The adoption of long hair, embroidered shirts and bell-bottom pants, and general rejection of military bearing by men in the movement evinced a softening of conventional sex-gender boundaries. By the late 1960s, troops in Vietnam were battling authorities over hair length, and the right to wear love-bead necklaces and draw peace symbols on their helmets.

Finger pointing for the loss of the war began even before it was over. The pacifists and radicals who stoked the antiwar movement were easy targets for the patriotic right wing looking for scapegoats, but the visibility of women in the resistance to the war made them suspects as well. After Ms. Fonda went to North Vietnam on a peace mission in 1972, she was denounced as a traitor in profanely sexist language and tarred as “Hanoi Jane.” Years later, the feminist author Susan Faludi wrote that fears of emasculation having cost America its victory in Vietnam were the basis of a backlash against women in the 1980s.

But, the reporter pressed, why spitting? Resisting the urge to plunge into the Freudian exegesis I wanted to take, I pointed to the long history of spitting imagery in legends of betrayal. In the New Testament, Christ’s followers spit on him in renunciation of their loyalty. Following Germany’s defeat in World War I, soldiers returning from the front claimed to have been spat on by women and girls. The German stories were studied by historians and found to be part of the “Dolchstosslegende,” or stab-in-the-back legend, that the military had been betrayed behind the lines, sold out at home.

Anticipating the question, I agreed that the presence of such stories in religious teachings and myths only pressed more questions to the fore about where the biblical Apostles and German folklorists got them, questions that will keep professors and students of cultural studies occupied for years.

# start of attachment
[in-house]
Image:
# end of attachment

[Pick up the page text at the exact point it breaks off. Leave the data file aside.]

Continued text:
But, I ventured, where the stories go — how they play out in the political culture — is more important than where they come from. The reporter seemed interested. In Germany, I recalled, the imagery of shellshocked World War I veterans became a stand-in for the nation’s lost pride and damaged sense of racial superiority. The riffs of betrayal in the photographs, films and news reports of veterans made victims by war kept alive the certainty that enemies outside the gates could never defeat a rearmed and unified Germany; the stories incited a dangerous witch hunt that led to the Holocaust.

Is the abiding American discomfort with the war it lost in Vietnam and the enduring allure of the spat-upon veteran stories indicative of betrayal preoccupations at work in our own culture? Is it the post-Vietnam lost-war narrative that feeds the back-to-the-future sentiments in campaign promises to restore and rebuild America? And are the recent public and political spectacles of nativism and gun-toting masculinity symptoms of a wounded people more than deviant personalities?

The reporter was interested.

Jerry Lembcke, an associate professor emeritus at College of the Holy Cross, is the author of “The Spitting Image: Myth, Memory, and the Legacy of Vietnam and Hanoi Jane: War, Sex, and Fantasies of Betrayal.” In 1969 he was a chaplain’s assistant assigned to the 41st Artillery Group in Vietnam.